Asking Seattle Music Commissioner Sharlese Metcalf for local music recommendations is a serious question. She has too many ideas to choose from, which is no wonder. Described by the Stranger as “one of the city’s strongest and most devoted advocates for local music,” Sharlese has worked on KEXP’s local music show Audioasis for the past ten years.
Sharlese has dabbled in lots of aspects of the music industry throughout her career. Her first radio experience was hosting Green River Community College’s Northwest music-focused show, Local Motion, on KGRG in 2001. “From there I just basically became really interested in kind of the background, logistics, development of music,” she explains. “I started trying a bunch of different things, so besides having a radio show, I started booking, and tried working at a venue as an intern, and started working at a label, Kill Rock Stars.”
Her career at KEXP began with an internship with Audioasis as an assistant to the host and booker. In 2009, she became an Audioasis producer and was promoted to host in 2012.
While Sharlese is passing the Audioasis DJ mantel on to Eva Walker of The Black Tones this week, she still wears many other professional hats. In addition to being a rotating host on KEXP’s Sunday evening Expansions show, Sharlese serves as the station’s Education Coordinator. Sharlese is a resident of Studio 4/4 and Depth Seattle and is also a member of the TUF collective, which works to uplift the voices of womxn of color, and marginalized communities in music and art. She additionally serves on the board of Northwest Film Forum and, of course, on the Music Commission.
Through her role on the Commission, Sharlese is passionate about tackling some of the biggest issues facing Seattle’s music industry, including the local debate surrounding the preservation of cultural spaces. As the ongoing effort to save the Showbox has demonstrated, Seattle is facing something of an identity crisis as the city continues to grow and change.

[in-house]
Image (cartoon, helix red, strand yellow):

Sharlese points to organizations like the Vera Project, Hollow Earth Radio, and KEXP as hopeful examples of where the city could be heading, but she still sees a lot of work to be done. “I feel like we’re still working towards a goal of making sure there are affordable spaces for living, for practicing, that there are equitable opportunities to play and network, and that places are accessible so that people from all different types of backgrounds can enjoy art and music.”
Preserving a cultural space means much more than preserving the physical building, she says: “Saving a creative cultural space is all about making sure the neighborhood is livable, affordable.” If cultural spaces are preserved, but the artists who use those spaces and the staff who keep them running can’t afford to live in the area, then the space is only preserved for a privileged few. The Music Commission is one of the groups working on solutions that will meaningfully preserve the spaces that give Seattle its cultural character.
Whatever solutions the Commission can find, Sharlese is proud to contribute as one of the voices speaking up for the needs of artists in Seattle. Artists have a voice through their music and performances, but Commissioners can be active within the context of City government, making sure that those in power hear the priorities and needs of artists. “I think that’s the purpose that the Music Commission serves,” she says, “and these are the things I really care about.”
And, as for those music recommendations we asked Sharlese for, enjoy: